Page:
Provides an overview of data structures and related security issues. Presents an in-depth study of arrays, lists, linked lists, stacks, queues, trees, hash tables, heaps, and graphs. Provides on overview of several object-oriented languages and how they support and implement data structures. Presents concepts which meet national standards in secure software development. Lecture: 3 credits (45 contact hours).
Provides an overview of modern programming languages (scripting, query, and object-oriented) and highlights the strengths, weaknesses, and security implications of each. Presents scenarios and applications for each language (when to use and when not to use). Covers techniques for overcoming security vulnerabilities of the languages. Lecture: 3 credits (45 contact hours).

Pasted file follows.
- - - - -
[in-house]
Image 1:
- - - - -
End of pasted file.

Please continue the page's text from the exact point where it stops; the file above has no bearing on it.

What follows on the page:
Provides an overview of network and cloud forensics. Includes a review of the investigation methodology in the context of network and cloud evidence. Includes an in-depth study of network and cloud forensics including deep packet inspection, statistical flow analysis, tunneling and encryption, malware, network intrusions and footprints, and various tools to assist with network and cloud forensics. Lecture: 3 credits (45 contact hours).